“In the trade we usually call them ‘Stockholm Transport pensioners’, said Kristina Kamp, economist at the Swedish Pensions Agency (Pensionsmyndigheten) referring to the hefty rebates that are awarded by Stockholm transport to the elderly.
In fact, according to Kamp, pensioners pay so much less on Stockholm’s public transport that Stockholmers are over-represented in the stats when it comes to these claims.
Anyone between 61 and 64, even if they are working full-time and only claim the smallest amount of pension (25 percent) are eligible for a certificate identifying them as pensioners, from the Swedish Pensions Agency.
Being able to prove you are a pensioner entitles seniors to cheaper rates on Stockholm public transport, cheaper theatre tickets and money off museum admissions.
Even if the drawn pension itself is small, there are thousands to be made in rebates.
According to news agency TT, SL is reporting a rise in sales of pensioner public transport passes, but there may be many reasons behind this – not in the least an aging population.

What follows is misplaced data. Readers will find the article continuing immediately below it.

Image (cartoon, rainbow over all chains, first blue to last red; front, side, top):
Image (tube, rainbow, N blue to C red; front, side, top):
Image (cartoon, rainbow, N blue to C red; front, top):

And according to Kamp, taking out some of your pension in advance is never risk-free. Because once in the system as a pensioner, it isn’t easy to remove that label.
“If you lost your job you’d suddenly be viewed as a pensioner and would receive less money in unemployment benefits,“ Kamp warned.
According to Kamp, there are many reasons why people start claiming their pension in advance.
She mentioned an incident she had heard of where someone needed extra money to afford a new chain saw. Claiming some of your pension seems to be seen as a lot easier than taking out a personal loan.
“But, what you should remember then is that you are digging in to your future income,” Kamp said.